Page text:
The Coastal Post - December, 1995

Rum Running In West Marin

BY JOAN REUTINGER

West Marin was the center of rum running in the days of Prohibition from 1918 to 1993. Ships carrying whiskey and rum from Canada and Mexico stood three miles off the coast and unloaded their precious cargo onto small boats which came out to them from Tomales Bay.

In Jack Mason's Point Reyes, the Solemn Land, there is a chapter titled "Booze on the Beach" in which he wrote, "Point Reyes winked at the Volstead Act," and goes on to describe how every inlet of Tomales Bay with a private wharf was used.

There were fewer people living around Point Reyes at that time, but they outnumbered the ever-fewer federal agents who were supposed to guard the area. The two agents who were quartered at Point Reyes Station were out-gunned and lived in fear of their lives.

A favorite game was to "leak" news and decoy the feds. Say that the news leaked was that a truckload of scotch was coming to Drake's Summit Road at 10:00 p.m. that night. The agents heard the news and crouched along the road to make the arrest. But the shipment were diverted to Tomales Bay where a sailboat ran the booze to Marshall and a waiting truck. The next night the smugglers might reverse the procedure, leaving the agents completely baffled.

There were a few immigrants in the area, Italian Swiss, Portuguese, and Irish, who knew how to make their own wine, which was OK. But the speakeasies, which had sprung up all around the area (for that matter, all over America) were under the control of a Marin County Under-Sheriff who arrested the man in charge of the speakeasy, hauled him off to jail, but the next day let him off after paying a fine of $200 or $250.

These were the days when records show that Smiley's Schooner Saloon in Bolinas painted its windows black, installed a barber shop behind the windows, with a speakeasy behind that. There is also a record of a Point Reyes Station bar doing the same thing. Of course, sooner or later these saloons were discovered by the under-sheriff, but when the next shipment came in, there's no doubt they braved the law again.

There was a mafia headquarters in Sacramento, and Point Reyes had its own mafia in the person of Vincent (Pegleg) Lucich, who seems to have gone from bad to worse once he started shooting at agents.

Mason writes, "On the night of May 21, 1930, he murdered handsome Nick Sturtevant as they sat together in an automobile parked along the road near Dillon Beach. Sturtevant was a hijacker who had been supplying Marin County millionaires with booze."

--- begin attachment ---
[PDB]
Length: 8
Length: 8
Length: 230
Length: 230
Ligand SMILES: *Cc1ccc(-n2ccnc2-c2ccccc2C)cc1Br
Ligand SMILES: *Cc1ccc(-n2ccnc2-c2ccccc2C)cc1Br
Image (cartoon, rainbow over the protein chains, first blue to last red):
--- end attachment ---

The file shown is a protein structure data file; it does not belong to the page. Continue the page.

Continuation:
Lucich, arrested by the feds, won leniency by promising to squeal on his customers. He was sent to San Quentin for life, but got out on parole in 1947, evidently for squealing.

Everybody had his/her favorite story about rum running days, but Mason tells the story of Beryl Schreiber Jesperson who says: "I can remember a certain picnic of my family and two other families to Abbot's Lagoon. When we got to the beach area there was a huge box covered with shoe advertisements. On opening it we found 20 two-quart bottles of square-faced Holland gin, each wrapped in its straw package. I guess it was jettisoned because the prohis (federal agents) were hot on their trails. Mother hated liquor of any kind, so she played Carrie Nation and broke every bottle on a driftwood log. All the men just about wept. The irony is that several weeks later (evidently they were again at Abbot's Lagoon), one member of the party cut his foot badly. We happened to find one bottle partly intact and mother used the contents to sterilize the wound."

As time went on a couple of federal men were loathed in Point Reyes Station for charging several hundred dollars worth of guns, handcuffs and other items at a local store and then slipping out of town without paying a cent. It was said that one of them became a bootlegger himself on the strength of what he had learned while living around Tomales Bay.

Mason writes, "Towards the end of the Prohibition era the bootleggers, now more brazen, used a Navy-type launch painted black for night duty. Its cargo hold astern was roomy and its high-powered engine could be gunned to foil pursuit."

It was also told that the black hearse which was then used to take the cargo to San Francisco (via ferry) needed no protection, because the lugubrious-looking driver looked like no one you would suspect of transporting booze.

So the cities of San Francisco and Sacramento were supplied with booze from Tomales Bay and no one let on where they had gotten it.

There is a story about a Dodge truck whose motor stalled one night in 1924 on a steep grade at Slide Ranch, south of Stinson Beach. The truck was loaded with 30 cases of Johnny Walker and Perfection whiskey. When Sheriff J.J. Keating arrived, the driver had absconded, taking his registration card with him. He had apparently deserted his illegal cargo for fear of being caught.

If you talk to old timers in the area, they have many tales to tell about these rowdy yet romantic times when all the villages of West Marin shared in the days of rum running.